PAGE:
Sunday, September 7, 2008

Going Back to Work After 3 Months Off (with a new baby)

After three months off, going back to work has been difficult. Being sleep deprived and trying to stay on top of things as a school teacher and dance instructor is a lot more difficult to do as a mom. I'm really worried about producing enough food for the baby. The surplus of stored milk I had created over the summer is going to be gone withing a few weeks. He's averaging 16 oz during the day while I'm gone. I'm worried I will have to supplement with formula, something I have been trying to avoid. Why pay for formula when I can make his food myself for free. I am pumping at work,but I need 45 minutes to set up, pump 3oz, clean up and sterilize. For those who work in a school, you know getting 45 minutes is impossible unless you have a prep period. Fortunately, I have a prep period as a middle school teacher, but it's 1st period, which means I pump in the morning right after feeding the baby at home and I'm using my prep time so I am limited what I can actually get accomplished in the classroom. Having a late morning prep would work best. My next problem is timing. My principal is very understanding and has given me second lunch to spread out when I pump, but lunch is only 30 minutes. I have to eat and visit the bathroom during this time as well. Thus, I'm not getting to pump for the 45 minutes I need ro the 30 minutes I have been given. When I teach dance in the evening, I am staying at school to pump some more, since there is not enough time to drive home and feed in between jobs. I am pumping, but I'm not getting a full meal out of my pumping, it's too rushed and I'm getting stressed. I am starting to rearrange my bathroom breaks at work so I don't have to go during the times I pump. Also, I'm going to invest in a microwave for the room so I won't have to leave the room to heat up food and sterilize my pumping gear. For those of you who don't teach in the classroom and may be saying, "ask for more time," you can't, not without affecting what happens in the classroom. Second, the law says you need to be given a space to pump every 2-3 hours, not how much time you get to pump. Some of you may be saying, "are you using dual pumps?" or "maybe you need a better pump." I have an expensive pump that is dual and electronically operated, but it's uncomfortable to pump too fast. I am doing the best I can with what I have, but I am frustrated at the situation and wish that I didn't have to work at this time.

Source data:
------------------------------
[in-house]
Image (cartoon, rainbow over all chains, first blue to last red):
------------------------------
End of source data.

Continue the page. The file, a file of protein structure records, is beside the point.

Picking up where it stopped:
Friday, August 22, 2008

Do You Have Questons For Me Regarding Education?

Our family is composed of teachers. My husband, myself, my parents, and his parents are all teachers in the public school educational system from Kindergarten through high school. I also have a brother who went through the special education program. If you have questions regarding schools, how to handle a situation with a teacher or parent, or questions about the educational system, feel free to ask them here.

Monday, August 18, 2008

4 day schools instead of the traditional 5?

I was on Yahoo this morning and saw a small ad regarding schools and budget cuts. Here is a piece of the article by LIBBY QUAID, AP Education Writer:

In rural Minnesota, one district is skipping classes every Monday to save fuel. On the other days, classes will be about 10 minutes longer.

"I think it's a great opportunity," said Candice Jaenisch, whose two sons and daughter will be making the switch. "You're cutting expenses that really don't affect school."

The other option for the district — Maccray, an acronym for Maynard, Clara City and Raymond — was to start cutting electives. A shorter week will save at least $65,000 in fuel, superintendent Greg Schmidt said.

There is still a cost. Kids will have to stay awake and alert later in the day, and some parents will need to find day care on Mondays. But it's a small district, with 700 students, and many parents are self-employed with jobs in farming or construction.